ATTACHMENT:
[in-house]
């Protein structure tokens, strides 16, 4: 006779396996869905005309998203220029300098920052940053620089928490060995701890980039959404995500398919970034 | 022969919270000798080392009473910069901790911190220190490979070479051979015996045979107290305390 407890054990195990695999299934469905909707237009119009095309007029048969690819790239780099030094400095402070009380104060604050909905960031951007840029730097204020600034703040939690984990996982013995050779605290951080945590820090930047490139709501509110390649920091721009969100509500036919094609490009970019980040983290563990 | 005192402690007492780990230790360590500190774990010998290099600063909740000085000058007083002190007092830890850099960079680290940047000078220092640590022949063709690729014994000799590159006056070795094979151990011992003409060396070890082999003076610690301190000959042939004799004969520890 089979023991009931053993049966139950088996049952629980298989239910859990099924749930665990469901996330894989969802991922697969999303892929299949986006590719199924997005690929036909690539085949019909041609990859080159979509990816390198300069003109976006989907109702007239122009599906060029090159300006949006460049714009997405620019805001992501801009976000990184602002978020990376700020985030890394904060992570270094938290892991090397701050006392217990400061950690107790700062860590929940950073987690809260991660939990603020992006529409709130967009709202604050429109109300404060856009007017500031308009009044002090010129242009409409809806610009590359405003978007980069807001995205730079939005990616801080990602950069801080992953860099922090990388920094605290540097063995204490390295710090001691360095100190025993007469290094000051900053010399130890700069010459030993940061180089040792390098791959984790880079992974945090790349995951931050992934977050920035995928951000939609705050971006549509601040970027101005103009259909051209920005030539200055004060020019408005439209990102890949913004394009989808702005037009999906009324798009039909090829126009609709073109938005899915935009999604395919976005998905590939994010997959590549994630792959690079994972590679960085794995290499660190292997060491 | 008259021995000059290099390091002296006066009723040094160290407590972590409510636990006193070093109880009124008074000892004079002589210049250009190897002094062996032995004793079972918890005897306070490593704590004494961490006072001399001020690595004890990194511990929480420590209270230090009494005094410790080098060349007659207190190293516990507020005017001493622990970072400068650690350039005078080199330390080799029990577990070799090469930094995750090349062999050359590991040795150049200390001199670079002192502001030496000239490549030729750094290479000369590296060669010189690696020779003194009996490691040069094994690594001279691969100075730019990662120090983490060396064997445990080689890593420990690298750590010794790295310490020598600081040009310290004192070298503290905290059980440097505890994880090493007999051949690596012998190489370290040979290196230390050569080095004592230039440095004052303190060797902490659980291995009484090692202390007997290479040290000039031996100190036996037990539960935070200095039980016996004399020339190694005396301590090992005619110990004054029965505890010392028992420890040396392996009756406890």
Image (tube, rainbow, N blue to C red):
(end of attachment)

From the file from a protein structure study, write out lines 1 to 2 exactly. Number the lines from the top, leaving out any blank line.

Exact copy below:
[in-house]
């Protein structure tokens, strides 16, 4: 006779396996869905005309998203220029300098920052940053620089928490060995701890980039959404995500398919970034 | 022969919270000798080392009473910069901790911190220190490979070479051979015996045979107290305390 407890054990195990695999299934469905909707237009119009095309007029048969690819790239780099030094400095402070009380104060604050909905960031951007840029730097204020600034703040939690984990996982013995050779605290951080945590820090930047490139709501509110390649920091721009969100509500036919094609490009970019980040983290563990 | 005192402690007492780990230790360590500190774990010998290099600063909740000085000058007083002190007092830890850099960079680290940047000078220092640590022949063709690729014994000799590159006056070795094979151990011992003409060396070890082999003076610690301190000959042939004799004969520890 089979023991009931053993049966139950088996049952629980298989239910859990099924749930665990469901996330894989969802991922697969999303892929299949986006590719199924997005690929036909690539085949019909041609990859080159979509990816390198300069003109976006989907109702007239122009599906060029090159300006949006460049714009997405620019805001992501801009976000990184602002978020990376700020985030890394904060992570270094938290892991090397701050006392217990400061950690107790700062860590929940950073987690809260991660939990603020992006529409709130967009709202604050429109109300404060856009007017500031308009009044002090010129242009409409809806610009590359405003978007980069807001995205730079939005990616801080990602950069801080992953860099922090990388920094605290540097063995204490390295710090001691360095100190025993007469290094000051900053010399130890700069010459030993940061180089040792390098791959984790880079992974945090790349995951931050992934977050920035995928951000939609705050971006549509601040970027101005103009259909051209920005030539200055004060020019408005439209990102890949913004394009989808702005037009999906009324798009039909090829126009609709073109938005899915935009999604395919976005998905590939994010997959590549994630792959690079994972590679960085794995290499660190292997060491 | 008259021995000059290099390091002296006066009723040094160290407590972590409510636990006193070093109880009124008074000892004079002589210049250009190897002094062996032995004793079972918890005897306070490593704590004494961490006072001399001020690595004890990194511990929480420590209270230090009494005094410790080098060349007659207190190293516990507020005017001493622990970072400068650690350039005078080199330390080799029990577990070799090469930094995750090349062999050359590991040795150049200390001199670079002192502001030496000239490549030729750094290479000369590296060669010189690696020779003194009996490691040069094994690594001279691969100075730019990662120090983490060396064997445990080689890593420990690298750590010794790295310490020598600081040009310290004192070298503290905290059980440097505890994880090493007999051949690596012998190489370290040979290196230390050569080095004592230039440095004052303190060797902490659980291995009484090692202390007997290479040290000039031996100190036996037990539960935070200095039980016996004399020339190694005396301590090992005619110990004054029965505890010392028992420890040396392996009756406890």